The Queen’s Gambit: A masterclass in how to write sexism

The Queen’s Gambit follows Beth Harmon, an orphan turned chess prodigy during the Cold War era. Initially, a show about chess doesn’t seem particularly interesting – but in the end, I too was reaching for a chessboard! Just like chess itself, the show is always three steps ahead of the viewer, with each interaction beautifully calculated. From intricate chess matches to Beth’s ongoing battle with drug addition, the show is packed with intense scenes.

As the credits rolled on the final episode I was left wishing I could watch just one more match! And yet, I’m glad it’s a limited series. The ending wrapped up the show in a beautiful way, which was both satisfying and entertaining. My only complaint of the series was that at times I wished some of the antagonists had more depth, rather than remaining a mystery.

Reflecting on the series as a whole, there is one aspect of the show that I find myself returning to: the way it handles sexism.

In recent years there has been a steady increase in films about smart women, all with the same simple flaw: their lives would be perfect if it wasn’t for sexism. Don’t get me wrong – sexism is a very real problem which many women face on a daily basis, but it is often used as a way to disregard other issues women face.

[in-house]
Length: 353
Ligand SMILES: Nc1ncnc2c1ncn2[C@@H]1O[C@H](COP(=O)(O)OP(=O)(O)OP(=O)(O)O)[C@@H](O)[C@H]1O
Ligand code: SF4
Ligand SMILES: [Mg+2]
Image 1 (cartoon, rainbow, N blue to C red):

Somehow, The Queen’s Gambit recognises this and treats sexism in a terrifyingly real way. Its brilliance lies in its subtly; the slightly prolonged looks when Beth says she plays chess. Backhanded compliments and petty remarks are littered throughout, making it relatable to a female audience.

In her first chess tournament, Beth is paired against the only other woman, seated on the sidelines, whom she has to beat in order to compete against the men. Whenever Beth is interviewed or talks to other girls they constantly ask about her gender or how she feels being surrounded by men. For them, Beth’s mere existence is a contradiction of everything they have ever learnt.

It is Beth’s adoptive mother who provides the greatest insight into the discrimination women face in this period. Her livelihood is threatened when her husband leaves, reminding us that Beth is the exception and her mother, the rule.

Throughout the series, Beth’s greatest challenge has nothing to do with sexism – her troubles are with drugs, love and money whilst sexism provides the backdrop.

Beth’s relationship with men is fascinating – those who instantly dismiss her end up cheering her on. They grow as she grows, and are left chasing her shadow. We watch as they fall in love with her while Beth simply turns back to the game at hand. They try to save her from herself and fail; the only person who can save Beth is herself.

Fundamentally, what makes this a phenomenal show is Beth. She is not a great female chess player – she is a great chess player, and that distinction is everything.